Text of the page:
Hi! If you’d like to start and read The Middle in sequential order, start here! This book is written wildly, chapters out of order in the sequence they occurred in my life. They are written wildly for a reason. The middle of our lives is a lot of things, but it is most certainly wild.
On Building Boxes
“If I were strong enough, this wouldn’t be happening.”
“If I were good, I wouldn’t want this.”
“If I were enough, I could fix this.”
These were all mantras for me during the years 2014 /15 and into 2016 . Replaying over and over in my mind, as I stepped into a world I didn’t recognize and walked away from all the familiar places I’d been.
It’s a weird thing to start over at 35. I said a lot back then that I felt like a toddler again, learning and relearning, stumbling around as I went.
The thing is this: I never really thought I had been living a life built around perfection. I truly believed I was celebrating my humanity, and my own inability to be perfect. I named my business around the concept for crying out loud.
But it’s easy to talk about an imperfect life when life still looks pretty damn perfect. When the pieces still fit together seamlessly and to the outside world, you have a lot “together.” That imperfect looks very different from the imperfect I walked into. (chuckling as I type this)
Without realizing it, we are so very often building boxes for ourselves. Building rules. Constructing our own shiny version of imperfect. We carefully build the boxes, painting it our favorite colors and hanging the right drapes, and decorating the outside with sparkles and bells and whistles and our own unmoving positions on what the box should look like. What life is, and what it is not. Who we are, and who we are not. What we are allowed to do, and what we are not.
And in the building of our boxes, and the forming of our unmoving ideals, we acquire emotional bed sores.
The unmoving, unwavering fixed positions we carefully, and almost always, accidentally construct inside our boxes. One of my biggest, most painful bed sores was this: That if my faith was all it was cracked up to be, this surely couldn’t be happening. That if my strength was all it was cracked up to be, it wouldn’t. That without my (emphasis on the perfectly) imperfect life looking just so, that I didn’t get to have that faith anymore. That I must be a fraud.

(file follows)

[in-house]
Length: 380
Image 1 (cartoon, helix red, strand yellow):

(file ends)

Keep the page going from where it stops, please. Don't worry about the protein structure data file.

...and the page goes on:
And then, well, God felt gone. Connection to the world around me felt gone. Entirely gone.
I didn’t want it to feel that way. I never prided myself on some legalistic view of the divine, and never felt I was supposed to be perfect or have it all figured out to have that deep connection with the world around me.
But when life looked as imperfect as it gets, it all felt…hollow. My bed sores were screaming at me that I wasn’t quite as good as I had imagined.
And then, God showed up for me in the most extraordinary of ways. This universe showed up in the simplest, most extraordinary way. Through a small, a very small, handful of humans. All struggling in their own way. All gloriously, ridiculously imperfect.
And I was shown a new way.
A way where imperfect was actually imperfect, and where admitting exhaustion and asking for help was actually strong.
In the beginning there were a few. And then there were 6. And then there were 10. It took time for me to let other people back in and forgive it all, and my unlearning was sticky at best.
Me slowly tending to the bed sores as I moved in a new way and began building a new box.
The difference is this box looks more like a platform. There are no sides holding me, and no unmoving beliefs inside to suffocate me while I hurt. There is no lid, there are no walls.
We should be building ourselves, dear ones, not the rules we so hope to cling to. We should be building resilience to change the box, over and over and over again. And we should remember this truth: no matter how pretty, no matter how beautiful, the box is still only made of cardboard.
What it holds, on the inside, is the real treasure. The real truth. Ever changing, ever learning (and unlearning), always building, never lying in fixed positions. The box doesn’t hold unmoving rules.
What it holds is us.